Last month I wrote about the value of themes, and I lamented that the majority of triple-A games released today essentially do not present coherent ones. I feel that without a consistent theme, a work has nothing to say (or perhaps, in the case of a game, it has nothing to discuss), and is therefore limited to being consumed and enjoyed in the moment without further consideration and with no lasting impact.
Recently, more and more thematically coherent works have been coming out of the indie space, and have contributed to the general broadening of the sorts of themes games seem able to explore. A game such as Papers, Please explores the themes of immigration, terrorism, national security and profiling both through the dynamics of gameplay and its narrative elements. The coherence of its exploration of these themes makes the investigation of similar material in whatever multibillion-dollar covert war fighting FPS franchise you can think of seem laughable.
Of course, it’s fine to just be entertained. Games still have tremendous value as a form of entertainment that does not need to ask for, or reward, any deeper contemplation. It’s totally OK to make a game where you take on the role of a special forces soldier sent covertly into the sovereign territory of another nation to kill non-uniformed, non-military enemy combatants who are trying to repel you from their homes, as long as you don’t actually say anything about such a conflict. After all, we don’t want to make people uncomfortable; we want to keep the simulation of the state-sanctioned illegal murder of foreign nationals lighthearted and fun – like playing Whac-A-Mole after eating too much candyfloss and riding the rollercoaster.
Blockbuster franchises simply are not the place for meaningful themes; this has been proven time and again in film and literature. Lord Of The Rings is a sweeping epic about little hairy men fighting an ancient and evil demonic power. It’s about how cool rangers are, and the fact that elves and dwarves can never get along unless they’re killing orcs, trolls or goblins – all of whom deserve to be killed. It has swordfighting, wizards, chases and all manner of imaginary monsters. A major entertainment franchise that needs to give you all of that is never going to succeed if it tries to present some pretentious theme such as the need to value and protect nature from exploitation through industry and technology. Everything that is great about Lord Of The Rings would collapse under the weight of such a theme.
This is not just a modern-day truth, either. Bram Stoker’s Dracula is a fantastically thrilling horror story about an ancient evil who can turn into a shadow or a pile of rats, and who needs to be killed (for real, this time) before he steals the hero’s fiancé. But that’s not easy – Dracula can fly, control wolves and bats with his mind, and keeps a harem of succubi around to ensure the potential for a hot sex scene. He’s bulletproof, incredibly rich, has a royal title, and he sleeps in a coffin – how cool is that? Clearly, no one at the time would have even read the book if its themes addressed the fetishisation of Christian belief and ritual. And had it been about those sorts of pretentious ideas, we would certainly not be reading it today. But thankfully, Dracula is nothing more than a horror story with some dirty bits.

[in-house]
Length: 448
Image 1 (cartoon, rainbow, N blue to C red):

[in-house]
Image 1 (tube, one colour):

And it’s not just western culture that repeatedly demonstrates popular entertainment is best when kept free of potentially troubling themes. The popularity of the Godzilla films in Japan in the ’50s and ’60s show us that nobody wants anything serious to think about when it comes to watching giant monsters trample buses, knock down buildings and incinerate tanks with atomic breath. The idea of destroying an entire city is preposterous outside the context of giant monsters from some undiscovered ocean trench, invaders from an imaginary alien world, or perhaps Civilization or Sim City.
Imagine the absurdity of a bunch of Hoplites hiding in a wooden horse to infiltrate a city, or of barbarians riding elephants over Alps. Imagine just how many planes and bombs it would take to completely incinerate even a modestly sized European city – never mind the staggering power it would require to turn a city into a crater in the blink of an eye. The idea that Godzilla had some deeper theme that spoke to Japanese fears about America’s growing nuclear arsenal following WWII is ridiculous. The Godzilla movies were nothing more than monster movies.
No, I say leave the pretentious and self-serving idea that games could be about stuff to the so-called ‘indies’ so they can all fail and come back to work for the real game industry. If people want serious, emotionally moving or challenging content, they have other places to go for that. Go see a film by that European director, or go listen to music by that chick from a country that has two months with no sun. Games are different. They aren’t there to get in our faces and try to make us get all emotional. Games are entertainment, plain and simple, and anything that interferes with my in-the-moment enjoyment of decapitating an orc is an insult to the modern gamer.